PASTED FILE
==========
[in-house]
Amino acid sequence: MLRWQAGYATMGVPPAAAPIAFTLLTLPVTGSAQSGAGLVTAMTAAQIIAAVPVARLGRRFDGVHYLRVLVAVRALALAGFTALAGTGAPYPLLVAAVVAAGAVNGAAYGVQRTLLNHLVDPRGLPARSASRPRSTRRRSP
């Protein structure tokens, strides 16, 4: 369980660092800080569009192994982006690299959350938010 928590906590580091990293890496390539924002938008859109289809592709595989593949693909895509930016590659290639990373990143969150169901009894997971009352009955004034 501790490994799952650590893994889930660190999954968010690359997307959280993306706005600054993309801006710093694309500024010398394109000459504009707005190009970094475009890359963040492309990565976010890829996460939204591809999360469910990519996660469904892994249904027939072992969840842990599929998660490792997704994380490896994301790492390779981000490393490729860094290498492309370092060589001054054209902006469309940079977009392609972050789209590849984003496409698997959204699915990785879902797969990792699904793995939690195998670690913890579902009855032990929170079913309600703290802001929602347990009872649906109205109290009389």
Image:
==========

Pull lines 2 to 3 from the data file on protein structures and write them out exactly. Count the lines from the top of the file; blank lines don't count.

Amino acid sequence: MLRWQAGYATMGVPPAAAPIAFTLLTLPVTGSAQSGAGLVTAMTAAQIIAAVPVARLGRRFDGVHYLRVLVAVRALALAGFTALAGTGAPYPLLVAAVVAAGAVNGAAYGVQRTLLNHLVDPRGLPARSASRPRSTRRRSP
């Protein structure tokens, strides 16, 4: 369980660092800080569009192994982006690299959350938010 928590906590580091990293890496390539924002938008859109289809592709595989593949693909895509930016590659290639990373990143969150169901009894997971009352009955004034 501790490994799952650590893994889930660190999954968010690359997307959280993306706005600054993309801006710093694309500024010398394109000459504009707005190009970094475009890359963040492309990565976010890829996460939204591809999360469910990519996660469904892994249904027939072992969840842990599929998660490792997704994380490896994301790492390779981000490393490729860094290498492309370092060589001054054209902006469309940079977009392609972050789209590849984003496409698997959204699915990785879902797969990792699904793995939690195998670690913890579902009855032990929170079913309600703290802001929602347990009872649906109205109290009389």